I am in the airport in Mumbai, the city formerly known as Bombay, en route from Bangalore to London. India is a vast country, about a third the size of the continental United States, and home to over 1,100,000,000 (four times the population of the U.S., and second only to China). My experiences these past few days in Bangalore are thus hardly representative of the country as a whole, which I guess means that I need to come back to get the chance to see other cities.
Bangalore was the center of colonial rule in South India during the British Raj (reign) until 1947. Nowadays Bangalore is India’s third largest city, home to over 6,000,000, and boasts the highest per capita income of any city in India. Bangalore has been called the Silicon Valley of India because of the large number of IT companies based there.
A trip to Bangalore is a rather surreal experience, almost like walking on to a movie set. The sounds, smells (some pleasant, others not, and none familiar), the contrast of high tech alongside abject poverty, cows on the side of the streets, brightly colored clothing, impromptu shanty villages, auto rickshaws (think motorcycle meets rickshaw), the constant stares earned by being so obvious a visitor, haggling with street peddlers, motorcycles carrying four or more (often with children perched on the handlebars) darting in and out of traffic, the smell and smoke of incense, the incessant sounding of horns as people and vehicles cut in and out of each other on hectic roads, familiar US brands but all with an Indian twist … it’s a truly amazing experience.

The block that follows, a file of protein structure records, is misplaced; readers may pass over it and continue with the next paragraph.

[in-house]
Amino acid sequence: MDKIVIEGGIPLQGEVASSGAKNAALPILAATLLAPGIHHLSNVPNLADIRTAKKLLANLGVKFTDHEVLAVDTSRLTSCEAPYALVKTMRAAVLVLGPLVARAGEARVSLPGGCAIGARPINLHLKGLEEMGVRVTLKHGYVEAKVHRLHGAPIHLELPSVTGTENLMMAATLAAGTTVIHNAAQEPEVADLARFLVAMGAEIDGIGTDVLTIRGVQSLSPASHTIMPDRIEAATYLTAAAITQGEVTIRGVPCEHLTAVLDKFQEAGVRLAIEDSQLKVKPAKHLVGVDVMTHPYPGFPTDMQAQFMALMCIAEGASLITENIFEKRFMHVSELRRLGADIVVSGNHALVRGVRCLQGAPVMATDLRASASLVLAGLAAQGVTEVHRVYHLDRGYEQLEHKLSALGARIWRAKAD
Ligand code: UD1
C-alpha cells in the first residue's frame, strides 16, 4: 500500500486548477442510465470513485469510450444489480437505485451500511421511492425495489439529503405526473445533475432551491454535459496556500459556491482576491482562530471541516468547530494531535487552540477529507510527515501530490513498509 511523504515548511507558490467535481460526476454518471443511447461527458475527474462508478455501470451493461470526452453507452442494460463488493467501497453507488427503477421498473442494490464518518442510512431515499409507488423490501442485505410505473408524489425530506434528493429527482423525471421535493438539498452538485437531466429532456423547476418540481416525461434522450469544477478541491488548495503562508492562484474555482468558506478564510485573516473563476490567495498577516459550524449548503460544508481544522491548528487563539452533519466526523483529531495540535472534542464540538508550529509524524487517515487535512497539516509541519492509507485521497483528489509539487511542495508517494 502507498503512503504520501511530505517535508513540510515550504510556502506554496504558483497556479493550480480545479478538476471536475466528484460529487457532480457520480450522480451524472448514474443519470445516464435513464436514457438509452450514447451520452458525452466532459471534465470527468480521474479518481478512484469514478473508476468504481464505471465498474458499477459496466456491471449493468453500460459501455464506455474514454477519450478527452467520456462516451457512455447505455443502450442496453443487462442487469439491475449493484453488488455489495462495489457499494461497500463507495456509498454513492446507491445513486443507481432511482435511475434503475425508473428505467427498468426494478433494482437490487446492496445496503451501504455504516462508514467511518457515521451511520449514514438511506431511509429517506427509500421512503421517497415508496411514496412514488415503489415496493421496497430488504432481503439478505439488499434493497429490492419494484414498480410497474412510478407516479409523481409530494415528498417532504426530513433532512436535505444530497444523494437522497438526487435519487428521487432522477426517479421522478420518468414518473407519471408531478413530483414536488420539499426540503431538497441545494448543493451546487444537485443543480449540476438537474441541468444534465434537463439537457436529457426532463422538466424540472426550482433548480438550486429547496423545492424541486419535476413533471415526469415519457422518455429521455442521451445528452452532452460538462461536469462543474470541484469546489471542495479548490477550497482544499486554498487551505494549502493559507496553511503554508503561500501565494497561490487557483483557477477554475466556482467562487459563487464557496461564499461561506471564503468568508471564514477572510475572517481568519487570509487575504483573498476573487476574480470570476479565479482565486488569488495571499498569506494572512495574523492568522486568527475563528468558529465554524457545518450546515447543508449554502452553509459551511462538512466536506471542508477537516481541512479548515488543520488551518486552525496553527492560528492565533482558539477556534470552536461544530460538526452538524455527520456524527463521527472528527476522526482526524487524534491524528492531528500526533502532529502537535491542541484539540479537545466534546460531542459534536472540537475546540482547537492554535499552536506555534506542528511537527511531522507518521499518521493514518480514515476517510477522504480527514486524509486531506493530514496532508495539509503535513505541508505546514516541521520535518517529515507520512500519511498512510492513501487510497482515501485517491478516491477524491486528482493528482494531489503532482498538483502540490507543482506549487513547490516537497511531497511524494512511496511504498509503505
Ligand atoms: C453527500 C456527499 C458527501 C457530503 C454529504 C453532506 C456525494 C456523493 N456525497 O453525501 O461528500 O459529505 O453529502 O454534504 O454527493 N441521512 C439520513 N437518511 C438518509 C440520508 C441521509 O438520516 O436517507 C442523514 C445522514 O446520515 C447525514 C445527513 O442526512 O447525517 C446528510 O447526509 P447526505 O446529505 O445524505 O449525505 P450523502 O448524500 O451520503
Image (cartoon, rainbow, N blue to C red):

Adobe has an office in Bangalore (it is actually the former Macromedia India office, the other Adobe office is in Noida, way up North at the opposite end of the country) which is home to part of the ColdFusion team. A group of us (Damon Cooper, Tom Jordahl, Dean Harmon, and myself) came over to spend time with the local CF team members as part of our Scorpio planning, and a considerable amount of time was spent brainstorming, reviewing specs, analyzing feature ideas, and the like. The local CF engineers are a bright and capable bunch, and Scorpio will be better with their involvement. And no, I can’t share specifics yet, but several of the Bangalore engineers will be at MAX this year presenting the features and technologies that they are working on.
And with that, I have to run and catch my flight (and hopefully a few hours of sleep). Next stop, London!

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